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International Monetary Fund. Monetary and Capital Markets Department

Abstract

Published twice yearly, the Global Financial Stability Report (GFSR) was created to provide a more frequent assessment of global financial markets by the IMF and to address emerging market financing in a global context. It provides timely analysis of developments in both mature and emerging market countries and seeks to identify potential fault lines in the global financial system that could lead to crisis. The GFSR aims to deepen its readers’ understanding of global capital flows, which play a critical role as an engine of world economic growth. Of key value, the report focuses on current conditions in global financial markets, highlighting issues of financial imbalances, and of a structural nature, that could pose risks to financial market stability and sustained market access by emerging market borrowers.

International Monetary Fund. Monetary and Capital Markets Department

Abstract

Financial risks have increased and underlying conditions have worsened since the April 2007 Global Financial Stability Report (GFSR). The period ahead may be difficult, as bouts of turbulence are likely to recur and the adjustment process will take some time. Uncertainty about the final size of losses, and when and where they will be revealed, will likely continue to keep market sentiment and conditions unsettled in the near term. This chapter outlines a number of the causes and consequences of the recent episode of turmoil and offers some initial thoughts on possible responses that the private and public sectors might consider to help improve global financial resilience.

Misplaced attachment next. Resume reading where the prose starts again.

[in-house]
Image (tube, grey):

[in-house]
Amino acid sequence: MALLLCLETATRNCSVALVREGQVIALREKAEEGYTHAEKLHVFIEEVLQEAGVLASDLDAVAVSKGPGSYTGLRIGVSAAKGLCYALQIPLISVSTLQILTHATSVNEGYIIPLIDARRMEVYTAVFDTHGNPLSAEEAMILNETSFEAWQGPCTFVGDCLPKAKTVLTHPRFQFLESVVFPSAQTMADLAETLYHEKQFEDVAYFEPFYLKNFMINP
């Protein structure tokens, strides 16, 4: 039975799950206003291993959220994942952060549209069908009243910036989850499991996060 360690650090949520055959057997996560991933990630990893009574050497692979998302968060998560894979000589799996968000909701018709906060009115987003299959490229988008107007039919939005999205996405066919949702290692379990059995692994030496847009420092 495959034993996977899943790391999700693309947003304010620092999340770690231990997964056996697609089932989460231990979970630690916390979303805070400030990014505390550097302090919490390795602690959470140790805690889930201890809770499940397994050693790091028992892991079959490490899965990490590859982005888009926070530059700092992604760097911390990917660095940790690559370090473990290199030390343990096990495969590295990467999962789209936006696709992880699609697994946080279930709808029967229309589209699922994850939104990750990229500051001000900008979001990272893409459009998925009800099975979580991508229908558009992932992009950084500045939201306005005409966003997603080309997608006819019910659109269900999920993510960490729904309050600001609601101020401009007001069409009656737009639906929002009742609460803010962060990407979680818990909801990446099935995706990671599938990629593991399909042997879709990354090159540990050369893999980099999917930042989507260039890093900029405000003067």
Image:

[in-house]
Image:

International Monetary Fund. Monetary and Capital Markets Department

Abstract

This chapter assesses how market risk management techniques may have contributed to the benign financial environment of recent years, and whether seemingly prudent behavior by individual firms, reacting to similar market risk systems, could serve to amplify market volatility in periods of stress beyond what would otherwise have occurred. Based on simulations and observed risk management practice, there are grounds for believing that this could be the case. Results of the simulations suggest that, in a period of stress, having a variety of risk models is more stabilizing than uniformity. Perhaps more important, however, is the presence of a variety of types of financial institutions with differing investment horizons and risk appetites, as well as the scope to take offsetting positions when prices overshoot and “fire sales” occur.

International Monetary Fund. Monetary and Capital Markets Department

Abstract

This chapter finds that—over the medium term—a more developed domestic financial market increases the volume and helps reduce the volatility of capital flows to emerging markets. Specifically, the estimation results find that, although growth is the primary determinant of the level of capital inflows, equity market liquidity and financial openness also help attract capital inflows. Moreover, financial openness is associated with lower capital inflow volatility. These results, which are consistent with the views expressed by institutional investors, point to the advantages of focusing on the medium-term goal of improving the quality of domestic financial markets. By adopting such a focus, emerging market countries will be in a better position to maximize the benefits of capital inflows while dealing with their potential volatility.